This function provides a persistent counter across rows. Every time you call the function with the same "key" then it will increment the counter and return the number. Different persistent counters can be created using different "key" values. There is an optional "increment" parameter which allows you to specify a different increment as opposed to the default of 1. There is also an optional "start" parameter which allows you to specify a different start number as opposed to the default of 1. The following example demonstrates both of these parameters to produce a positive and negative counter:

# This will produce a positive sequence of 0, 5, 10, 15, 20, etc
<?= counter("", 5, 0) ?>

# This will produce a negative sequence of 0, -5, -10, -15, -20, etc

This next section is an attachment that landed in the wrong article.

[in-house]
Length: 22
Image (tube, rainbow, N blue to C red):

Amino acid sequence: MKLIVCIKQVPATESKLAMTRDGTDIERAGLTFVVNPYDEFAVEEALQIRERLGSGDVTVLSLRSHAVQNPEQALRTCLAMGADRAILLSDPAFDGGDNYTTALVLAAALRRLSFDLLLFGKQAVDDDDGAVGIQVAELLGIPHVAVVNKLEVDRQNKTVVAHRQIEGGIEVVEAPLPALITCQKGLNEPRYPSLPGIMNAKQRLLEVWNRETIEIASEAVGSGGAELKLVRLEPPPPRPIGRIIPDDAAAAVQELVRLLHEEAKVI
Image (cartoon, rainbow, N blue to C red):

<?= counter("", -5, 0) ?>
cancel ([message])

This function provides a way to cancel processing a template if something isn't right. This could be if an invalid value has been specified in the data source or if a key field hasn't been filled in correctly. An optional "message" can be provided to give the user more information about why processing was cancelled. The first time the function is executed, the whole processing is stopped.

ip ("ip", number, [ipv6format]) IPv4 + IPv6

This function takes an IPv4 or IPv6 address (doesn't support IPv4-mapped IPv6 addresses) and adds or subtracts a number of IP addresses from the value. If it is an IPv6 address then you can specify an optional third parameter which allows you to specify the presentation format of the returned IPv6 address, using one of the following values: